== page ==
"It would be an interesting situation for Scott Wallace to acquire Consolidated, then compete against Wallace Theatres," Wallace said.

Industry analyst Wade Holden agrees that the trend is, the more stadium seating a theater company's so-called circuit has, the better.

"If there are any new theaters being built, that's what you're getting," he said. Holden, an analyst with California-based Kagan World Media, follows the large, publicly traded movie exhibitors.

Consolidated's sale exploration comes at a time when exhibitors are enjoying regrowth, thanks in part to blockbuster movies but also in part to stores like Blockbuster Video.

Home video and the burgeoning DVD rental market is where the studios make their money, Holden said. "If it wasn't for home video, we would not have 'Lord of the Rings.' Studios wouldn't be able to spend $100 million to make a movie because they're not going to make it back."

Home video is making the studios "oodles of cash," he said.

"To take it full circle, they're making so much they can spend more money to make movies, which then whets the viewers' appetites. They can't wait to see it."

"That's how theaters get a 'Spider Man' with a $115 million opening weekend and you get the 'Lord of the Rings' trilogy and the 'Matrix' trilogy," said Holden.

"Last year there was over $9 billion in ticket sales," a record, Holden said. Revenue may be a few hundred million off this year.

Given a choice between a flat-floor theater and a stadium-seating theater at the same price, most moviegoers would choose the stadium seating, Holden said, which is why many companies are building new, stadium-style movie houses and closing the older ones.

The growth follows a tumult of bankruptcies starting in 2000.

"Basically, what happened was too many theaters were built right on top of each other and the brand-new theaters with stadium seating and amenities left older theaters without enough foot traffic, stuck in long-term leases. The only way to break out was to declare bankruptcy," Holden said.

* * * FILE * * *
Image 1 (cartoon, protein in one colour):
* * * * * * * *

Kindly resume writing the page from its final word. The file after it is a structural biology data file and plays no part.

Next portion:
According to the Motion Picture Association of America, there were 19,589 domestic movie screens in 1984, Holden said. "In 1993 that jumped to 25,626 ... in 2000, which was at the peak right before the bankruptcies started there were 37,396. You're talking a seven-year period where the screen count grew by over 12,000," he said.

By the end of last year, the peak had contracted to 35,280 screens. In addition to Consolidated's closures, Wallace closed its three-screen Enchanted Lake Cinemas, adjacent to the still-open, newer Keolu Center Cinemas. Wallace also owns the twin-screened Kailua Theatres, which launched dollar-a-holler and cheaper screenings over the summer. The theater still made money as concession prices did not change.

It was during the 1994 to 2000 period of growth that the stadium-seating trend exploded, Holden said.

Despite Consolidated's relatively low percentage of stadium-seating venues, Sofos believes its bundle of Hawaii movie houses could be an attractive purchase for the right buyer.

"You could easily turn Kapolei, it wouldn't be cheap, to convert it into stadium seating," Sofos said.

Sofos and Signature's Harris disagree on whether Hawaii is saturated with screens.

Harris believes it is. "I would think so, if you apply any traditional analysis."

Sofos believes there is room in certain areas, "because Hawaii's only entertainment is movies." Concerts are few and far between, there are no professional sports teams and when the University of Hawaii's Stan Sheriff Center is filled with 5,000 fans, there are 900,000 other people in Hawaii who need somewhere to go, he said.